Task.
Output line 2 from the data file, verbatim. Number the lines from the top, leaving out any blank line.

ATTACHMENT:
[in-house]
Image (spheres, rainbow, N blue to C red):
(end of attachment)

Image (spheres, rainbow, N blue to C red):